The 14L flasher comes with the Accurate Lighting EOT device.
>> 1. Does the diode bridge simply supply the correct current to the
circuit no matter the track voltage polarity? (I assume you use DC.)
- Yes, the bridge keeps the input polarity correct regardless
whether the input is ac, dc, or dcc, .... the circuit works on all
>> 2. Are the part numbers indicated from Radio Shack or some
- The part numbers are from parts I had lying around either at
at work. None of the values are critical except for the LM317LV and the
two associated 1% resistors that set it's output at 1.5 volts, ... the
rating of the EOT lamp. If you use a different voltage regulator, then
you will probably also need different resistors to set it at 1.5 volts.
Go to http://www.digikey.com click on "PARTS SEARCH" and search on
LM317LZ and it will give you a price of $.60 @ quantity 1. Key in "255
OHM 1% RESISTOR 1/4 WATT" and it will give you 4 choices, 255 Kohm or
255 Ohm in bulk or tape & reel. Choose 255 ohm 1% bulk and it will show
that you have to buy a minimum of 5 pieces @ $.54 (or roughly $.11
each). If you key in "1.5 AMP 200 VOLT BRIDGE" it comes back with a
General Instruments WO2 which is exactly what I used, ... $.49 BTW. "660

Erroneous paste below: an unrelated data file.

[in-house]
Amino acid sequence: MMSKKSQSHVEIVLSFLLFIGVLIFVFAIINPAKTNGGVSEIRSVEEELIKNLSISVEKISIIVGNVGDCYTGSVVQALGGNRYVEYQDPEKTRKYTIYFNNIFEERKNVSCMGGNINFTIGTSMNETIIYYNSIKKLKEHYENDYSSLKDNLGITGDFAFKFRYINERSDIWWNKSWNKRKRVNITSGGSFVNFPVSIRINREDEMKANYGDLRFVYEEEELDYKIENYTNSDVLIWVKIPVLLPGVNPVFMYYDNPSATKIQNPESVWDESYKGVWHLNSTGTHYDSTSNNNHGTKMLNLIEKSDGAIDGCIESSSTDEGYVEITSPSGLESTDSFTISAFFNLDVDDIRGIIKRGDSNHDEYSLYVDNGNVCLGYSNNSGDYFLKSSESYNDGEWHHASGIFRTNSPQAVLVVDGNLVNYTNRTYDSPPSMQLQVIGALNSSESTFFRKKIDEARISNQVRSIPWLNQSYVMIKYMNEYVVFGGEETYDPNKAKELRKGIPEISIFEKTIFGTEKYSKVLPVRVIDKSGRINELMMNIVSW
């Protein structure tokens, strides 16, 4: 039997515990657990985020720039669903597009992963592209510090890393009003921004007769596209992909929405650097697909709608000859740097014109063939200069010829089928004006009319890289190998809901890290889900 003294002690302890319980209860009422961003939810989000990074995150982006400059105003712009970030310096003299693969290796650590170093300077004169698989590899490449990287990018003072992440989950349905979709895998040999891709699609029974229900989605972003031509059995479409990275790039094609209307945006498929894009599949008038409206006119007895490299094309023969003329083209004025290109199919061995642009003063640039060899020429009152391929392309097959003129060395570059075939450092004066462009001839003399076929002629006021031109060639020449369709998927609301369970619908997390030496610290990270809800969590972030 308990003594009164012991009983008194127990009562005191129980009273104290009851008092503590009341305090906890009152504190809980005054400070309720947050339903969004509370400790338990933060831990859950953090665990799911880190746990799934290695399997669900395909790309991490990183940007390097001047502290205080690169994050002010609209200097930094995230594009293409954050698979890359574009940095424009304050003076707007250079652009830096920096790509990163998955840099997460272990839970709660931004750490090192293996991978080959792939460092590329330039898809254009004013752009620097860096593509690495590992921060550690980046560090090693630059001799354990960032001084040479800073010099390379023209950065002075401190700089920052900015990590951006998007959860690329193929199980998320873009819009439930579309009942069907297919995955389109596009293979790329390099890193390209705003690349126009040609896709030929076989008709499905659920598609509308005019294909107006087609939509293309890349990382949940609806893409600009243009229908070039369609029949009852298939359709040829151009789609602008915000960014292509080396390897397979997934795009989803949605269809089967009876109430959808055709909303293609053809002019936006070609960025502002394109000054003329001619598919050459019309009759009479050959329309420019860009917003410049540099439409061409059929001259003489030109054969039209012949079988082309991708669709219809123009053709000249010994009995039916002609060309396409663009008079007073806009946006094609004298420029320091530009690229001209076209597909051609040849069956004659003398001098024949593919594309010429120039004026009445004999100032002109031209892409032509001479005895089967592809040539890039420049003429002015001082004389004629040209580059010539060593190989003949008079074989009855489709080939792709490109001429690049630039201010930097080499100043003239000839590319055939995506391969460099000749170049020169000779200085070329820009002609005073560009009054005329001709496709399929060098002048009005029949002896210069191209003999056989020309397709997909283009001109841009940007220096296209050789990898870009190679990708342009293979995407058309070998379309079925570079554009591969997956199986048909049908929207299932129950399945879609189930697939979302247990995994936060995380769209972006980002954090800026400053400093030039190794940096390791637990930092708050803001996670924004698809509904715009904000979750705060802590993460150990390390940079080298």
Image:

ufd 50 volts electrolytic" didn't yield anything but "470 ufd 50 volt
electrolytic" yielded Panasonic part number ECE-A50Z470 470 ufd 50 volt
@ $1.53 quantity 1. You can order all the parts on line with a credit
card. I'll be happy to help if you have any questions.
>> 3. Is the diode bridge a single IC or simply diodes 'put together'?
and Paul asked: >> Is there a part number for the bridge, or
is that 4
diodes? If so any specs on the diodes?
- OK, either will work. If you have 4 diodes you can wire them
the bridge configuration if you would rather. I would use 1 to 1.5 amp
diodes with a PIV rating of at least 200 volts cuz diodes are cheap and
that will pretty much guarantee you wont have to replace them from
getting hammered by all the "spikes" that occur on your track. The WO2
that I used is rated @ 1.5 Amps 200 Volts and costs only $.49.
>>4. Finally, any problems with the circuit -- or things you would
- No, no problems with the circuit. I just built another one
and used all the same parts (this one went in a Conrail 3 bay hopper,
... under the coal load :), ... however, since you made me actually sit
down and look at the circuit again, the next one will have less parts in
it. :) I'll probably also use a Tantalum capacitor in the next one
instead of an Aluminum Electrolytic because of size restraints, .... the
next one goes on a TOFC flat car. If I put the parts under the car, I'll
use a Tantalum, .... if I put them in the trailer, I'll still use the
Electrolytic. Tantalums aren't quite so forgiving about spikes and such
and tend to occasionally explode. :)
Hope this all helps. I'll be happy to answer any other questions
this prompts. Don Richards
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